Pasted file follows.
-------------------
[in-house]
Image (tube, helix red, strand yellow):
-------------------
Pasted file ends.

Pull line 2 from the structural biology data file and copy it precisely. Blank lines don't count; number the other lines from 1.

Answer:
Image (tube, helix red, strand yellow):